ANTI-SEMITISM

Anti-Semitism: The poison that won’t go away

 

fjghitis@gmail.com

Anti-Semitism — that toxic delusion that has created so much hatred, violence, heartache over the centuries — refuses to die. That pernicious view of Jews as all-powerful, untrustworthy and a cause of whatever ails society, sounds laughable when you hear the manufactured conspiracies and the phony facts. But it has proven deadly for many centuries.

A new global survey by the Anti-Defamation League shows how it has taken root and spread deeply in some regions, while holding on stubbornly in other places where it has done the most damage throughout history.

The bigotry and the stereotypes are so insidious, that of the 26 percent of people surveyed who believe most anti-Semitic stereotypes, 70 percent have never even met a Jewish person.

Perhaps the most stunning revelation is the sheer depth of anti-Semitism — not just anti-Israel feelings — in the Arab Middle East; more on that in a moment.

The ADL survey interviewed more than 53,000 people in 102 countries, composing a picture that covers almost 90 percent of the world. Interviewers presented respondents with a series of statements, 11 in all, reflecting traditional anti-Semitic stereotypes, ideas such as “Jews are responsible for most of the world’s wars,” or “Jews have too much control over global affairs.”

In the United States, 9 percent of those asked agreed with the majority of the stereotypes, in Canada 14 percent did. Researchers say they found worldwide 26 percent of people are “deeply infected with anti-Semitic attitudes.”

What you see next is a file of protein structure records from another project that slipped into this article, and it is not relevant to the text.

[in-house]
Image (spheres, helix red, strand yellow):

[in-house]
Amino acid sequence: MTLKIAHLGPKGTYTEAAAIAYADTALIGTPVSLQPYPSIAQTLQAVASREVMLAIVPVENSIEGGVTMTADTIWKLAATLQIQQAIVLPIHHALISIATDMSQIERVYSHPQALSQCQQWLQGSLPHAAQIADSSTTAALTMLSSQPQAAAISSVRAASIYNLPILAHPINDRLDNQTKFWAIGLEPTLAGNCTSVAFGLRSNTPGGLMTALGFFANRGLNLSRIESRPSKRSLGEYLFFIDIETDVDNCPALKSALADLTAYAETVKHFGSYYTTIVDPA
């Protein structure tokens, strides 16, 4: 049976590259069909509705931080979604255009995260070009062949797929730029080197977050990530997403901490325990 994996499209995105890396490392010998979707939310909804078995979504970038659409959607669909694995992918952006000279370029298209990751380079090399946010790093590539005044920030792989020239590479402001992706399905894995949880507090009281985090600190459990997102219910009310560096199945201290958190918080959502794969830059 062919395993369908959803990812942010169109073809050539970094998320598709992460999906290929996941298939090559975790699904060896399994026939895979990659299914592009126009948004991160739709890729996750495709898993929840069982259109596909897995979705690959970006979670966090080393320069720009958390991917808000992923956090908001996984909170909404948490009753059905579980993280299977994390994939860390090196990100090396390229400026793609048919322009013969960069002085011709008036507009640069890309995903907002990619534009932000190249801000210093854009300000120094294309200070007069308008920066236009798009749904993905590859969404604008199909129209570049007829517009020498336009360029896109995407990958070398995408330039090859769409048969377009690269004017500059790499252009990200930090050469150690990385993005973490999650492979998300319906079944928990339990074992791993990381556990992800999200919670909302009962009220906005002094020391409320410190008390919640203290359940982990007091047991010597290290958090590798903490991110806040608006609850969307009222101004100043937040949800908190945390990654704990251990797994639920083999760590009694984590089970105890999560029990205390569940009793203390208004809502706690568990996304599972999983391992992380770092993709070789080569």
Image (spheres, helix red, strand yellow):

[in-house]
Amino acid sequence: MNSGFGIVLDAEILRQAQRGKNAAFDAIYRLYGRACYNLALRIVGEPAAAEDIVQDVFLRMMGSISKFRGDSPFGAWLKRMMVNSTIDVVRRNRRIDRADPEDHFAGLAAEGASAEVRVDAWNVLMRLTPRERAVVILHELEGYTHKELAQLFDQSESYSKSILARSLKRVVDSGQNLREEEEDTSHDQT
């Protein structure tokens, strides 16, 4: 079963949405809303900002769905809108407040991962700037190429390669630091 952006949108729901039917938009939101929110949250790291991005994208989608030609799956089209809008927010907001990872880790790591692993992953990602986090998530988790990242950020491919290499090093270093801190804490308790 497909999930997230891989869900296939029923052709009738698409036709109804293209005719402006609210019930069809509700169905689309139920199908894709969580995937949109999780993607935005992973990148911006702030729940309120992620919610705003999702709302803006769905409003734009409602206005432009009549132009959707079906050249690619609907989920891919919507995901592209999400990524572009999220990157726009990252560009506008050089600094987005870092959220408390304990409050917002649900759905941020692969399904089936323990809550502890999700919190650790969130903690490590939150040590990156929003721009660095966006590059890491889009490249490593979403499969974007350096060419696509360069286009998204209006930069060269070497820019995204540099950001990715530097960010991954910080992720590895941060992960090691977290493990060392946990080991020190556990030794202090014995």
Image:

It’s no surprise that in the Middle East and North Africa (MENA), a region that is mostly Muslim, mostly Arab, attitudes towards Jews are less than warm. But the scores were almost off the chart. Two of every three people there agree Jews are responsible for most of the world’s wars. Only about one in three have ever heard of the Holocaust, and 63 percent of those who have say it is a lie or an exaggeration.

The deepest anti-Semitism is found in the West Bank and Gaza, where more than 90 percent of the people agreed with most of the anti-Semitic statements.

Clearly, these views have an impact on prospects for peace.

Researchers asked about attitudes toward Israel separately from attitudes towards Jews. In MENA, 84 percent had negative views of Israel and 67 percent had negative views of Jews. Even the more moderate, progressive MENA states, Tunisia (86 percent), Morocco (80 percent), had extremely high percentages agreeing with the anti-Semitic statements. The survey reconfirmed that in Egypt (75 percent) and Jordan (81 percent) the two Arab countries that have diplomatic relations with Israel, popular sentiment toward Israel and the Jews remains deeply negative.

In Europe, the country with the highest percentage agreeing with most of the stereotypes was Greece, at 69 percent. The best scores came from Sweden (4 percent), the Netherlands (5 percent) the United Kingdom (8 percent). France came in with the worst score in Western Europe (excluding Greece) with 37 percent of the French agreeing with the Jewish stereotypes. Eastern Europe remains far more anti-Jewish.

In Latin America, Panama had a surprisingly high number — 52 percent -- agreeing with a majority of the stereotypes. Colombia had 41 percent, Mexico 24 percent, Brazil 16 percent.